Following pre-testing the students participated in twelve sixty-minute study sessions . The students in experimental group received the instruction for concept mapping strategy. The strategy was taught following Harris and Graham (1996): (1) Strategy description, (2) Discussion of goals and purposes, (3) Modeling of the strategy, (4) Student mastery of strategy steps, and (5) Guided practice and feedback.

  1. Strategy description. As an introduction to the first lesson, students were told that they were going to learn about the strategy of concept mapping. Concept mapping was described as a strategy that could be used to categorize information in a graphic form through drawing. It was also described as a strategy that could help them with vocabulary development, reading comprehension, study skills, and prewriting activities. Finally, the sequence of steps for creating a concept map was described.
  2. Discussion of goals and purposes. The teacher discussed the students about the significance and benefits of using the concept mapping strategy in writing. Students were asked two questions: (1) How do you think this strategy might help you write? and (2) How could this strategy help you with different types of writing? To reinforce student participation as collaborators in the learning process, goals and purposes that students generated were written on the white board.
  3. Modeling the strategy. The teacher modeled use of concept mapping strategy by creating a map while students were offered several topics to select from for the activity. Once the group agreed on a topic, the teacher wrote it on the white board. This topic was labeled as “main idea” of the concept map. Next possible subtopics were generated. The teacher demonstrated use of arrows to connect main ideas and subtopics. Finally, details were generated and added to each of the subtopics. Students participated in the process by brainstorming possible categories and details. Students were taught how to write subtopic information in telegraphic form. The teacher modeled use of telegraphic language forms and explained that this involves choosing the most important information. Students assisted by generating ideas to be placed on the map. Then, the teacher discussed how the categories and the details could be sequenced into paragraphs, and sentences within paragraphs, to compose an essay. The teacher explained that each subtopic may represent different paragraphs in the essay. Upon completion of the map , the teacher modeled the transfer of subtopic information from the map into written form- instruction followed the sequence of procedures for transferring concept maps into written paragraphs, starting with top-level structures i.e., topics and subtopics ) , the teacher reviewed the information on the map. Each category was reviewed, including the main ideas and supporting details. The teacher modeled how she would rewrite the information from the map into complete sentences. For each subtopic, a topic sentence was written, followed by supporting sentences. Finally, the concluding paragraph was explained and with the help of the students the teacher wrote a concluding paragraph.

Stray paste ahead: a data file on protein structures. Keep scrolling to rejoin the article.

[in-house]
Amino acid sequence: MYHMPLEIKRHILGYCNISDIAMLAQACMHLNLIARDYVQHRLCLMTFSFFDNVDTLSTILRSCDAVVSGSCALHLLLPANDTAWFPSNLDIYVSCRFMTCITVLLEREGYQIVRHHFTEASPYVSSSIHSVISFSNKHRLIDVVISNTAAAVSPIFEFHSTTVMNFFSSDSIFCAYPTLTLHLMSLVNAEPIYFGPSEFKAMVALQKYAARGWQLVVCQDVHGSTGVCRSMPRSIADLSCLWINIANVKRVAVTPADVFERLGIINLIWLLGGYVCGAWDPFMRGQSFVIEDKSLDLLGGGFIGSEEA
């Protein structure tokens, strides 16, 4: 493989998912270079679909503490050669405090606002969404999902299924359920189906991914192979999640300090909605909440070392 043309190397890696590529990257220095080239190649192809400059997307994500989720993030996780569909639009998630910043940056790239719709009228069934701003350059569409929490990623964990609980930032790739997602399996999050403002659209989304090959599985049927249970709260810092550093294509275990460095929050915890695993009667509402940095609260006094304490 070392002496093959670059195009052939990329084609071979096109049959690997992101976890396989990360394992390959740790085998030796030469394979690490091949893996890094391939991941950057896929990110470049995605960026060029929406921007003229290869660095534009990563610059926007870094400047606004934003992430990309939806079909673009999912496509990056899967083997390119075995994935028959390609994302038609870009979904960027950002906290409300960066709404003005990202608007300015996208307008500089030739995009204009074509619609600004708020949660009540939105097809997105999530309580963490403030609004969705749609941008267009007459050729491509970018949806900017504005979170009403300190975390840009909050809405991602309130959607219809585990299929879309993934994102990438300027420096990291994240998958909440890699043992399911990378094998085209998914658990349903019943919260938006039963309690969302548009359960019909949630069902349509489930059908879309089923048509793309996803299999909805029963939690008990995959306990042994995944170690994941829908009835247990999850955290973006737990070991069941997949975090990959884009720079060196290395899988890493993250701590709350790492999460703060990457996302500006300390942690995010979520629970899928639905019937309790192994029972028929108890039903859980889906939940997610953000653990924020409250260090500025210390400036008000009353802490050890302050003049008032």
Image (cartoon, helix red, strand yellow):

4. Student mastery of strategy steps. During this stage, students rehearsed and memorized the sequence of activities for concept map construction.
  5. Guided practice and Feedback. During these sessions, feedback was provided for students’ performance. Students chose a topic and created maps. Then, they used the concept maps to compose essays.

The first three sessions were devoted to training the technique. The other nine sessions were spent on practicing the strategy for the students to master the fundamental skills. One essay was composed every two weeks for a total of four essays for each student. During these sessions, other formal teaching techniques were not employed by the teacher. The teacher was a non-native English teacher who taught writing courses for many years at the university. Before starting the project, the teacher was trained how to teach concept mapping strategy (following Harris and Graham’s strategy teaching, 1996). During the instructional period the students in the control group wrote as many expository essays as the experimental group but without the use of concept mapping strategy.

2.6.3. Post-testing
After the instruction of the strategy of concept mapping (at the conclusion of the treatment period) all the students in two groups again completed the self-regulation questionnaire.

2.7. Scoring of the Data
The research applied Motivated Strategies for Learning Questionnaire (MSLQ) to assess students’ self regulation. Responses were scored using a 5 point Likert type scale: 1) Not at all true of myself 2) Slightly true of myself 3) About halfway true of myself 4) Mostly true of myself 5) True of myself. Scale scores were determined by summing the items and taking an average.

Table1. Means and standard deviations for pretest and posttest scores on self-regulation

 
M
SD
N
Pretest      
Experimental group
2.51
.56
30
Control group
2.35
.57
30
Posttest      
Experimental group
3.79
.58
30
Control group
3.22
.71
30